As a final step, I apply a subtle black vignette in Exposure 7 to darken the corners and bring attention to the subject. For those images where a heavier vignette is desired, I prefer the “distortion large lumps” option. I appreciate how easy it is to move, shape and place the effect in a precise location.
3) Since you’ll be using a small aperture and fast shutter speed, a high ISO will likely be required. Just how high should it be? Try 800 first and go to 1600 if the photo is still too dark. The ISO will make your camera more sensitive to the existing light, absorbing it faster and brightening up the scene.
The instant you bring the camera up to your eye, everyone becomes self-aware and changes their behavior. To counter this, you can shoot from the hip, also known as the “spray and pray” technique. If you’ve never heard of it, let me explain how it works. I start by setting the camera to the high speed burst mode and choosing the single center autofocus point. I then set my exposure manually and use the lens at its widest focal length. A wide angle lens is an important consideration here, as it sees more, offering a better chance of capturing the subject.
Walking past my subject briskly, I hold the shutter button down to start the capture process. Technically I’m shooting blind as the camera is by my hip and I don’t know what it’s seeing. Since the center AF point is active, I try to aim the center of the camera towards the subject. During this high speed burst, I’ll capture anywhere from three to six photos. If aimed correctly, the autofocus will lock onto the subject in the center of the frame and achieve sharp focus. You may have captured something great, or an out of focus series of your feet. I’m aware this isn’t the most precise technique as the percentage for missed shots is high. However, it’s better than leaving the camera in your bag because you were afraid of the consequences.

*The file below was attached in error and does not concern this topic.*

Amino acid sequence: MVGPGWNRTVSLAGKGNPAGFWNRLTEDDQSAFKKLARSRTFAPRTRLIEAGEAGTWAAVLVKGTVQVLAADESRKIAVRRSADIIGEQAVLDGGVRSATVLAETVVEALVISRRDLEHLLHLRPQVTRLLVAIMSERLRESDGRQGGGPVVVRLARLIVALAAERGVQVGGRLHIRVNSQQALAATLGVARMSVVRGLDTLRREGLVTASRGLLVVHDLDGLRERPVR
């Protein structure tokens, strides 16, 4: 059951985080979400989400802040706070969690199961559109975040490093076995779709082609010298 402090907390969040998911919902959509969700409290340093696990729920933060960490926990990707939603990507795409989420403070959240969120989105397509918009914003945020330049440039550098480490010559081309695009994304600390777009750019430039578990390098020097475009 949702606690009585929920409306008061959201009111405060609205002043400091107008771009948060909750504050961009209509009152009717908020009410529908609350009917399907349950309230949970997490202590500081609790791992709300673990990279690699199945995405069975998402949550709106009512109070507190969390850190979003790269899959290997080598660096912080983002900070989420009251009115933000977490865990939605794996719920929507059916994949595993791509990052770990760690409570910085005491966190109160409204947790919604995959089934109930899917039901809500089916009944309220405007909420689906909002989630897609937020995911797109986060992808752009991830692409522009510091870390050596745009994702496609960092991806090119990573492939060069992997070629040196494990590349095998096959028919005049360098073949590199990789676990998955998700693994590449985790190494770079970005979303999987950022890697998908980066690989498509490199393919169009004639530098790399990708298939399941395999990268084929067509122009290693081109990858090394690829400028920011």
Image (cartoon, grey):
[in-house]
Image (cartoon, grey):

It was Zack Arias who said “If you aren’t close to getting clobbered for a photograph then you aren’t trying hard enough.” At times like this it feels like I’m on the right track.
Is it Legal?
I’ll cut through all the misinformation and get right to the bottom line. In America, it is absolutely legal to photograph people in public spaces without their consent. This includes streets, public parks, and sidewalks. Model releases only become necessary for commercial use and instances where the image implies that the subject endorses a certain product or statement. For editorial and artistic use, releases are not required. Now that you know your rights, consider downloading a copy should someone approach and ask what you are doing. In countries across Europe, there can be variations to these laws, so it’s advisable to familiarize yourself with their specific customs.
As is always the case in all good art, rules are meant to be broken. The same is true with black and white street photography. You have even more flexibility as shadows can be inky black, and highlights can clip the histogram while retaining their visual appeal. A subject with dark shadows and bright highlights would not be ideal for a color photograph. In fact, it’s one of the reasons techniques like HDR have become so popular. Yet, for black and white street photography, this type of high-contrast light can be extremely effective. The harsh mid-afternoon sun is no longer a detriment, but an enhancement.